Don’t lose sight of your brand’s ‘why’_
Social media is inevitably gaining a greater influence on everyone’s lives as our world becomes increasingly digitised. The way we relate to others, to brands and to the outside world is changing. Consumers now look to Instagrammers, online influencers and YouTube stars for recommendations on purchasing decisions and even lifestyle advice, more so than seeking the latest products endorsed by celebs.
This is because influencers have made aspirational lifestyles feel more attainable and relatable. We follow them and connect with them because they represent real personalities, values and beliefs Because they feel more like ourselves than celebrities. They deliver their ‘brand’ in a very personal and trustworthy way – something that many companies fall short of in their branding.
But how has this change impacted the way traditional product or service brands connect with people?
Way back in 1954, psychologist Leon Festinger described his theory of ‘social comparison’. This was the way in which we as individuals compare ourselves to others to determine our place within society. He claimed that some people use this as a way of fostering self-improvement, self-motivation and positive self-image – a behaviour that’s still relevant today in our ‘Instagram inspo’ society. And there’s almost a direct translation to the world of business. Many companies look to the industry leaders for guidance on how they should move forward. They ask themselves ‘what do they have that we don’t?’.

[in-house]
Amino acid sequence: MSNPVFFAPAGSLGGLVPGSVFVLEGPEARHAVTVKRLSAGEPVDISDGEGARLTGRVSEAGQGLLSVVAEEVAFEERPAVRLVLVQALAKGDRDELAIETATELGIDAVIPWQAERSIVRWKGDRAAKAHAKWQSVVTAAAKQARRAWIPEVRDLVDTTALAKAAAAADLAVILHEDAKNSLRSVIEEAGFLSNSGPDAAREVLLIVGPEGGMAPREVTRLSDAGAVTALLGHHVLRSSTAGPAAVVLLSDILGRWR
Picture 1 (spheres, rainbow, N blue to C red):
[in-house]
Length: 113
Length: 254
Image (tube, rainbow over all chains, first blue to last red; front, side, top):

But when businesses copy others in an attempt to emulate their success it can often have detrimental effects. By directly comparing or basing your business on a competitor you begin to lose sight of your own values and unique qualities. Those who cut and paste aspects of another brand into their own begin to lose sight of their why.
Relate or become irrelevant.
Why is a why so important? Simon Sinek discusses it in his book Start with Why. He explains how every company knows what they do (their product/service and industry), they know how they do it ( their unique differentiators, value proposition and values), but many fall short on communicating their why. They struggle to articulate their purpose and beliefs. That is, what gets them out of bed in a morning (besides making money) and as such they struggle to show consumers why they should care.
Simon Sinek discusses and summarises everything around this nicely in his TedTalk.
The sheer amount of information now available at our fingertips is making it harder for brands to connect with consumers. We’re all becoming more selective about what we consume; we ignore communications that don’t feel real, authentic or relatable.
How does a business find their why? By questioning what really makes them who they are, what they stand for and believe in and by discovering what makes them relatable. They need to know what makes consumers feel like their product/service is for them or like them.
At A_TK we’re experts in finding a company’s why. We dig deep into your truths and challenge conventions. And once we’ve found it, we don’t lose sight of it. It’s what allows us to build a successful brand from the inside out, a brand that people connect with and admire.
Everyone has a why. If you don’t know yours, get in touch and we’ll help you find it.